Engineers at the European Space Agency fear that they won't be able to communicate with the Philae lander after Friday. Here, lander manager Stefan Ulamec (left, in foreground) watches as data confirming the comet landing arrived Wednesday.
The Philae lander carries 10 main instruments, from an X-ray spectrometer to sampling and drilling probes.
Philae, the lander currently on comet 67P/Churyumov–Gerasimenko, may not be able to perform its extended mission — scientists at the European Space Agency worry that the probe may have landed in a spot too shadowy for solar panels to recharge its batteries. The ESA says it may not be able to contact the craft after Friday night.
Worries over the robotic lander's power supply prompted engineers to take the risky step of activating its drill, an operation that had been shelved out of fears that it would sap the remaining charge.
"The drill has been active already today. Whether it will actually take samples and will succeed in bringing these samples to ovens... we shall know this evening," lander manager Stefan Ulamec said in an update Friday.
Ulamec said Philae also has been instructed to penetrate the comet's surface with its hammer and to use its X-ray spectrometer. Even so, he warned there was a chance the lander might not be able to beam its findings back to researchers.
There is a chance the lander could get more power, either this week or in the coming months. Comet 67P is currently between Mars and Jupiter, and it's heading toward the sun.
Engineers are considering ways to reorient the lander's solar panels — or perhaps to use its on-board flywheel to jar it from its spot in the shadow of a cliff — so it could absorb vital energy, run at full power, and take advanced readings from the comet's surface.
Complicating any such attempt is the fact that while the ESA has received "selfies" from Philae on the comet's surface, engineers aren't sure of the lander's exact location on the comet. Analysts are poring over photos from its parent orbiter, Rosetta, trying to find it.
Those problems have somewhat tempered the celebration of a new step in space exploration, after the lander ended its 10-year journey by landing on a comet more than 300 million miles from Earth Wednesday.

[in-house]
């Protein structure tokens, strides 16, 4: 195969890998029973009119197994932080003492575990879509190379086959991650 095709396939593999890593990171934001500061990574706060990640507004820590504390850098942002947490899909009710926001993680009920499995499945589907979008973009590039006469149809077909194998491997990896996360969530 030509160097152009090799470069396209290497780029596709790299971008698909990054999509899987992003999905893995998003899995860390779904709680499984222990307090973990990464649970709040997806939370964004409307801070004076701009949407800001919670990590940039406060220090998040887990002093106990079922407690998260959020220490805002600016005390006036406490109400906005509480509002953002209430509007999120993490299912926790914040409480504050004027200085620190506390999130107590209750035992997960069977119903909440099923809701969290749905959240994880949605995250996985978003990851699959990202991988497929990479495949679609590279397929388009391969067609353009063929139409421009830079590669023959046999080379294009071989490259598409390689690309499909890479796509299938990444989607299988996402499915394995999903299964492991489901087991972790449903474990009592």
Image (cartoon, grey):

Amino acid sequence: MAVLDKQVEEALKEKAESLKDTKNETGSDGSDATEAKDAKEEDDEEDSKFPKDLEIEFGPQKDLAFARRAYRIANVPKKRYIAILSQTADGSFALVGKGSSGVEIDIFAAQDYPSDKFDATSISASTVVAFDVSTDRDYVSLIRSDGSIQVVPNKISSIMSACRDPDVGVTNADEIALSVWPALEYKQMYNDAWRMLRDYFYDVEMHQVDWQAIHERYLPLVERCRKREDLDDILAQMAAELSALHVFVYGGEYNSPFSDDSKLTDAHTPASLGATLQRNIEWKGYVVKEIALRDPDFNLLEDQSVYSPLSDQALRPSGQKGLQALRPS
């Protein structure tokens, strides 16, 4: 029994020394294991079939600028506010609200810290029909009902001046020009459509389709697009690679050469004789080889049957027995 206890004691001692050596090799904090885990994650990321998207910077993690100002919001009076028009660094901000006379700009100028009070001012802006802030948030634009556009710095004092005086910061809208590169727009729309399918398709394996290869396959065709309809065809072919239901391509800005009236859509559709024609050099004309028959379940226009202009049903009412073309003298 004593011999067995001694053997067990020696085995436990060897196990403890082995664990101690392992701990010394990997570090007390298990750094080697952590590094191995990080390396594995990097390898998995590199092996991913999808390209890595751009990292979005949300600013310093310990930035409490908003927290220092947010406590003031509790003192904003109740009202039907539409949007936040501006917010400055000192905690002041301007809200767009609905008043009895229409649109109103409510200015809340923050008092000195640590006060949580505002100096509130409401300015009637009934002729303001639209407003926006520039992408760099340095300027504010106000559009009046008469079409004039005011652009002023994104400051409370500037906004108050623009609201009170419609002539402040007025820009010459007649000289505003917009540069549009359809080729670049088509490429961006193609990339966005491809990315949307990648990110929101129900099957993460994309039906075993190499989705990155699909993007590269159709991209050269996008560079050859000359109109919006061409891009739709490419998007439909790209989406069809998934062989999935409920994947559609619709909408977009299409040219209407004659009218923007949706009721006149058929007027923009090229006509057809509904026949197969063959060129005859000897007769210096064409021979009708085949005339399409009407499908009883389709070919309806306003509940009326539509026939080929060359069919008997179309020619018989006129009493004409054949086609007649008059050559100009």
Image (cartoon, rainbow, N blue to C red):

For now, Philae is running on its two batteries, Ulamec said, "plus, the very limited power we get from the solar generator."
That's enough of a charge for the lander to send data through its next contact point Friday night, but engineers are worried that Philae won't have enough power left to communicate reliably Saturday.
The precarious situation stems from a failure of the lander's harpoons to fire when it first touched down Wednesday. Weighing only about as much as a sheet of paper on the comet due to its low gravity, the lander (which weighs around 200 pounds here on Earth) bounced twice before settling far from its intended landing site.
"It looks a bit bad, but we can always hope," said Valentina Lommats of the German Space Agency, noting that the lander is in a corner, surrounded by rocks.
"Cross your fingers — or press your thumbs, if you're German," she later added.
There is a lingering hope, Ulamec says, that the lander might resume working later, when the comet it's riding on gets closer to the sun. Comet 67P will reach perihelion, its position closest to the sun, in August of 2015.
If the lander does manage to get more power, the development would be a huge boost for the ESA mission, which had planned to study the comet's structure, and how it might change as it nears the center of the solar system.
Philae was launched into space back in March of 2004, along with Rosetta. Asked Friday what he wishes the craft had now, Ulamec said, "a larger battery."